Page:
A soldier in the Bundeswehr has been charged with planning to carry out attacks on high-ranking political figures and frame refugees for the crimes. The justice minister was among those on his hit list.
The 28-year-old lieutenant, identified as Franco A., was charged with planning an act of violence and violating weapons and explosives laws, federal prosecutors announced Tuesday.
The renewed federal indictment comes just two weeks after Germany's top criminal court threw out a case against the suspect,saying at the time that current investigations had not provided sufficient evidence.
Prosecutors allege the soldier managed to register as a Syrian refugee with German authorities, and that he planned to use this false identity to carry out attacks.
He plotted to assassinate "high-ranking politicians and public figures who are known for what the accused regarded as particularly refugee-friendly activities," the prosecutor's office said in a Tuesday statement. His list of targets reportedly included German Justice Minister Heiko Maas, Greens politician Claudia Roth, as well as human rights activists and journalists.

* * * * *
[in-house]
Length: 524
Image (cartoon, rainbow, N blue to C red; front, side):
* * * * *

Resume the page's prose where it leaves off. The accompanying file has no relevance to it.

"He wanted to divert the investigations into the attacks he was planning onto asylum seekers living in Germany," prosecutors wrote. "According to the accused's plans, his attacks were supposed to be seen by the public as an act of radical Islamic terror committed by a migrant who had been granted asylum."
Extremism in the army
Franco A., who prosecutors described as a "right-wing nationalist," had received thousands of euros in asylum seeker benefits, and had allegedly stockpiled firearms, more than 1,000 rounds of ammunition and dozens of explosive devices. "At least some" of this stockpile had been taken from Bundeswehr stores, prosecutors allege.
The soldier was first arrested in April in a case that drew national attention and raised concerns about extremists in the military. Angela Merkel's government, particularly Defense Minister Ursula von der Leyen, came under pressure to investigate right-wing radicalism among soldiers.
The case also prompted a review of hundreds of asylum applications.
According to Germany's Military Counterintelligence Service, about 200 Bundeswehr soldiers have been classified as right-wing extremists since 2008.
nm/msh (AFP, Reuters, dpa, epd, AP)